BY: DESMOND AGBAMA
Every country in the world has its own legal tender or currency. Here in Nigeria the legal tender or currency is the naira and kobo, which are used to exchange for goods and services. The Central Bank of Nigeria is the apex bank in the country that controls and regulates the printing and circulation of the currency. Apart from the Nigerian flag or coat of arm, the naira also to a large extent represents our national identity. In other countries, such national currency is accorded the greatest respect just as the national flag or symbols. In developed countries it is a crime to abuse their currencies, and every citizen are compelled not only to respect the currency, but also handle it with utmost care.
However, here in Nigeria, the naira is neither respected nor handled with care, as it is commonly abused, mutilated or torn by Nigerians. The way and manner Nigerians handle the naira suggests that they don’t value it or have regard for it. Some squiz it, others write on it, while many people keep them in places not suitable for the naira, such as inside septic tanks, under the carpet, under the braziers, billow and so on. Worse still, Nigerians are very fond of spraying the naira at parties, and in the process mutilate and damage it.
Nowadays, it is very common to see Nigerians selling the naira at parties, a practice which is completely against the law. Over the years, the practice had gained wide acceptance and has portrayed the nation and her people in negative light. Perhaps, it is in realisation of this that President Mohammadu Buhari recently gave a presidential order for the law enforcement agencies to clamp down on all those involved in the illegal distribution and sales of the naira. The directive of Mr. President though coming late is nevertheless a welcome development.
Investigations revealed that those who sell the naira get their supply from both the central bank and the commercial banks. That explains why some denominations of the naira such as 20 naira, 50 naira, 100 naira and 200 naira are scarce in the banks, especially the new notes. Some bank workers who confided in the writer say those who sell the naira usually book in advance, with special commission for their bank agents.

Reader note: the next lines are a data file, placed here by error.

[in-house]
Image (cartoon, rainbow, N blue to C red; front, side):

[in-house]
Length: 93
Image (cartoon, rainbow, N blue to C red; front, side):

Now that the Federal Government has decided to clamp down on the perpetrators of this illicit business, it should beam its searchlight not only on the sellers, but also on the official of the central bank as well as the commercial banks, because if there is no supply there would be no buyer. Furthermore, government should prohibit the spraying of the naira at parties, and should set up special monitoring task force, to monitor every party irrespective of who and where it is being organised. Anyone found culpable should be prosecuted according to the law.
Importantly, there should be increase in public enlightenment on how to handle the naira. The people should be educated on the dangers inherent in the bad handling of the naira. Nigerians should be made to understand that the naira is our national identity, which must not be abused. Nigerians should be made to know that it is very wrong and illegal to spray money at parties, instead they should embrace the use of envelop to present financial gift to celebrants. This no doubt is more civilized to do. Besides, it will save people from mutilating the naira and from unnecessary public embarrassment or danger. In the past many people have either be attacked by armed robbers or lost their lives after organising a party due to open display of naira rain.
We may as well ask ourselves why the pound, Dollar or Euro are not abused or mutilated. Some Nigerians learn how not to abuse the foreign currencies, but prefers to abuse the naira. This is unpatriotic and senseless.
That is the more reason why there should be strict enforcement of the Presidential order by those concerned, to begin to compel Nigerians to respect the naira and stop spraying it at parties.
The Federal Government should also direct the withdrawal and destruction of all mutilated currencies in circulation. The exercise should be strictly monitored to ensure that the mutilated currencies are actually destroyed, as reports in the past have indicated that mutilated currencies meant for destruction later found their way into circulation through some corrupt and fraudulent bank officials.